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  • 19 August 2018

    NCERT STD 6 SCIENCE UNIT 4 SHORTING MATERIALS INTO GROUP UNIT TEST PDF

    Sorting Materials into Groups

    • All things are made of one or more materials.
        
    • Same things can be made from different types of materials. 
        
    • It may be man-made or naturally occurring. 
    • Materials occupy space.
    • Materials have mass.
    • Materials can be classified on the basis of many criteria. 
    • Materials can be classified on the basis of physical state; as solid, liquid and gas.

    Solid: Solid has definite shape and definite volume. Examples: Stones, wood, plastic, common salt, steel, ice, glass, etc.

    Liquid: Liquid has indefinite shape but definite volume. 
    Examples: Water, milk, oil, etc.
    Gas: Gas has indefinite shape and indefinite volume. 
    Examples: Oxygen, nitrogen, carbon dioxide, etc.
    OTHER CRITERIA FOR SORTING MATERIALS:
    Appearance: Different materials look different from each other. The appearance depends on colour, hardness, texture, and lustre.
    Hardness: hardness is another property of materials. Some materials are very hard while some are very soft.
    Hard- Material which are difficult to compress are called hard, e.g. diamond, stone, wood, steel, etc. Diamond is the hardest natural substance.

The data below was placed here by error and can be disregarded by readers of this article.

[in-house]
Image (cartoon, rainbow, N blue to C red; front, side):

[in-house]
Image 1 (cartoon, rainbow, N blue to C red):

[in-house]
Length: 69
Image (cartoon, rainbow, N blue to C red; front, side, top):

Soft- Materials which can be compressed easily are called soft, e.g. chalk, cotton, rubber, etc.
    Solubility or insolubility:

    Soluble: Material which easily dissolves in water is called soluble, e.g. salt, sugar, alum, etc.

    Insoluble: Material which does not dissolve in water is called insoluble, e.g. sand, chalk, iron, etc.
    Note: Since water is considered as universal solvent, so solubility in water is taken as standard in most of the definitions; related to solubility.

    Transparency- The material which allows light to pass through it is called transparent, e.g. acrylic sheet, glass, water, air, etc.
    Opaque- The material which does not allow light to pass through it is called opaque, e.g. wood, iron, asbestos, etc.
    Translucent: The material through which light can pass partially is called translucent, e.g. butter paper, thin curtain, etc.
    Metals: Materials which are hard, have such luster and are good conductors of heat and electricity are called metals, e.g. iron, copper, gold, etc.
    Non-metal: Materials which are brittle, which don’t have luster and are bad conductors of heat and electricity are called non-metals, e.g. coal, chalk, rubber, soil, etc.
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